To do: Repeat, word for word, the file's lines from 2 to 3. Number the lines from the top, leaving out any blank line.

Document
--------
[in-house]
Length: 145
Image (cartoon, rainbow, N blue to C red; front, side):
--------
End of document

Length: 145
Image (cartoon, rainbow, N blue to C red; front, side):